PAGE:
3D Topology optimization of Stokes flow problems

Allan Gersborg-Hansen, Bernd Dammann

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    The present talk is concerned with the application of topology optimization to creeping flow problems in 3D. This research is driven by the fact that topology optimization has proven very successful as a tool in academic and industrial design problems. Success stories are reported from such diverse fields as solid mechanics and optics and is due to the method's flexibility in the (rough) parametrization of the design, see [1] and the reference therein for an overview. Borrvall and Petersson [2] is the seminal reference for topology optimization in fluid flow problems. They considered design of energy efficient devices for 2D Stokes flow. Creeping flow problems are described by the Stokes equations which model very viscous fluids at macro scales or ordinary fluids at very small scales. The latter gives the motivation for topology optimization problems based on the Stokes equations being a model for the fluid behavior in a micro fluidic device. Such a device has finite size and a large degree of freedom for the design of geometry. Physically Stokes flow is an exotic inertia free flow. This, however, complicates mixing by passive devices. Passive devices, that is, devices without moving parts, are often of practical interest since they are easily manufacturable and maintenance free. In order to tackle such a challenging problem a robust method is needed which we approach by this contribution. The finite size of a micro fluidic device calls for 3D modelling of the equations, in particular when the design geometry is non-trivial as typically seen in topology design. The presentation elaborates on effects caused by 3D fluid modelling on the design. Numerical examples relevant for optimal micro fluidic mixer design are shown where the design is planar - compliant with micro fabrication techniques - and where the designs are 3D. Moreover, preliminary results show that a formulation of an optimization problem that maximizes mixing with a constraint on the pressure drop across the device gives promising results. To measure the mixing a step temperature profile is convected through the design and the resulting temperature profile at the outlet boundary is measured. The closer the outlet temperature profile is to the average inlet temperature the better mixing occurs in the device. For this problem the P$\acute{\textrm{e}}$clet number $Pe\gg1$ such that mixing by pure diffusion is not an option. Instead, the optimizer suggests a design that stretches the hot-cold interface, which is encouraging since "stretching and folding" is known to be key ingredients in efficient mixing. The modelling is performed using a finite element based solver, with analytically derived sensitivities that drives a gradient based optimization algorithm. Secondly, this talk also has its focus on the parallel implementation of the solution procedures, using OpenMP [3] on medium to large SMP computers. The necessary setup to achieve a good performance is described in detail. Further, issues such as scalability and portability are discussed. [1] M.P. Bendsøe and O. Sigmund. Topology optimization - theory, methods and applications, 2nd Edition, Springer 2003. [2] T. Borrvall, J. Petersson. Topology optimization of fluids in Stokes flow. Int. J. Num. Meth. Fluids, Vol. 41, 77-107, 2003. DOI:10.1002/fld.426 [3] The OpenMP Application Program Interface, http://www.openmp.org/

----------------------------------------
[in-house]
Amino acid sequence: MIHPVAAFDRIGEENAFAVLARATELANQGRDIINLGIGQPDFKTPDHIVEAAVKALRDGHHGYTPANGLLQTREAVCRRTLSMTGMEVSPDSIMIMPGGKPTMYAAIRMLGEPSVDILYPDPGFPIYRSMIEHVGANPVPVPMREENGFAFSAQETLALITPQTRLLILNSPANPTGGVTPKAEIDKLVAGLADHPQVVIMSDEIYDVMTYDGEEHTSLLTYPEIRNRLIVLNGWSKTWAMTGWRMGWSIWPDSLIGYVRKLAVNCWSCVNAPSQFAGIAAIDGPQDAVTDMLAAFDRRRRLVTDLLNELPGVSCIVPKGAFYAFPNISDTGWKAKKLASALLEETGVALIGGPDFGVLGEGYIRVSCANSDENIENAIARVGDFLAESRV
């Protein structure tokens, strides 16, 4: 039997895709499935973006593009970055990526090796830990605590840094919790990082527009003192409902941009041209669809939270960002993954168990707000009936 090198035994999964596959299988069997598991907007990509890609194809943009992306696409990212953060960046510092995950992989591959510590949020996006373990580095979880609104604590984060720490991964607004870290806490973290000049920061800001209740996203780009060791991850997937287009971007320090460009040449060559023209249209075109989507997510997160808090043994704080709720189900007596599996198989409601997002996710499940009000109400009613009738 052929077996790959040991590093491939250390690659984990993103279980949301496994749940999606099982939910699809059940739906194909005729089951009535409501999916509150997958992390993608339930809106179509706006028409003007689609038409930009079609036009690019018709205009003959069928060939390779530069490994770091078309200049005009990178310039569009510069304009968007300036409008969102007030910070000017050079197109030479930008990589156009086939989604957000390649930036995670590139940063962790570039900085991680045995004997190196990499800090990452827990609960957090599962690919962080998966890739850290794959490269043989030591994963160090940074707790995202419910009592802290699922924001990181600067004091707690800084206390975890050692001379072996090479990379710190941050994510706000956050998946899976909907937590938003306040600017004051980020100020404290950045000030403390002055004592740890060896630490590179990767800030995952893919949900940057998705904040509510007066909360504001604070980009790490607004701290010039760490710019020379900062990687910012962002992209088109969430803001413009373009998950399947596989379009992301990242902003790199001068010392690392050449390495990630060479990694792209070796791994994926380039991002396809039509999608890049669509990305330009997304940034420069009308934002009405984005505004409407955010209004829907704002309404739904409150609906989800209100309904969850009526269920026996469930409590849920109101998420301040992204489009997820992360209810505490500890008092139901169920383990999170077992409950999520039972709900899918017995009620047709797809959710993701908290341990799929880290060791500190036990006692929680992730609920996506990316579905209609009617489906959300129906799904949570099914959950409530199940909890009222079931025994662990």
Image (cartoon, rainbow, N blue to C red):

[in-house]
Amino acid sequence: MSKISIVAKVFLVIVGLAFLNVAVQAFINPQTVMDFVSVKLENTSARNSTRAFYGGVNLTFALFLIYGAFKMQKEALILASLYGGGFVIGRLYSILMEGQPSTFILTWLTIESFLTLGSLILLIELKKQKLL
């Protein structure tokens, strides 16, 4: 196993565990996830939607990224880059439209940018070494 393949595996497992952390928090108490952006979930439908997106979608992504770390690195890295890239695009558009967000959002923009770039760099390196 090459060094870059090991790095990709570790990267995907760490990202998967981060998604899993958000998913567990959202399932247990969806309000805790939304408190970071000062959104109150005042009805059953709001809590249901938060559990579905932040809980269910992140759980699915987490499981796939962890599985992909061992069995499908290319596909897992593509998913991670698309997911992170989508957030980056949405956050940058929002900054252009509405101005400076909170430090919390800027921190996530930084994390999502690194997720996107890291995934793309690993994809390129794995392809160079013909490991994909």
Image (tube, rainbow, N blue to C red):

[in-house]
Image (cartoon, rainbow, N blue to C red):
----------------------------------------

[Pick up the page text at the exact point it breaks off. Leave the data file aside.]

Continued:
Original languageEnglish
    Publication date2006
    Publication statusPublished - 2006
    EventEuropean Conference on Computational Fluid Dynamics - Egmond aan Zee, Netherlands
    Duration: 5 Sept 20068 Sept 2006


    ConferenceEuropean Conference on Computational Fluid Dynamics
    CityEgmond aan Zee
    Internet address


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